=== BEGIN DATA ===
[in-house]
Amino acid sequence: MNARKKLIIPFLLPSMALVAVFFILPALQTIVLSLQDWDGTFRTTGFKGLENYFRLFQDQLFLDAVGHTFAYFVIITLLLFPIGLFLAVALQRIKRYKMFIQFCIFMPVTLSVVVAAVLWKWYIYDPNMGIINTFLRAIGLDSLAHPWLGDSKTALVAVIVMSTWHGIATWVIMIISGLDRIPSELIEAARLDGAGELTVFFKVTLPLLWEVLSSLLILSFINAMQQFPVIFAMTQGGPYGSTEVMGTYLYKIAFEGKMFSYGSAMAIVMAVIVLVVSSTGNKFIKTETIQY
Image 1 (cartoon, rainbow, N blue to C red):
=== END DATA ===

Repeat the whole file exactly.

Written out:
[in-house]
Amino acid sequence: MNARKKLIIPFLLPSMALVAVFFILPALQTIVLSLQDWDGTFRTTGFKGLENYFRLFQDQLFLDAVGHTFAYFVIITLLLFPIGLFLAVALQRIKRYKMFIQFCIFMPVTLSVVVAAVLWKWYIYDPNMGIINTFLRAIGLDSLAHPWLGDSKTALVAVIVMSTWHGIATWVIMIISGLDRIPSELIEAARLDGAGELTVFFKVTLPLLWEVLSSLLILSFINAMQQFPVIFAMTQGGPYGSTEVMGTYLYKIAFEGKMFSYGSAMAIVMAVIVLVVSSTGNKFIKTETIQY
Image 1 (cartoon, rainbow, N blue to C red):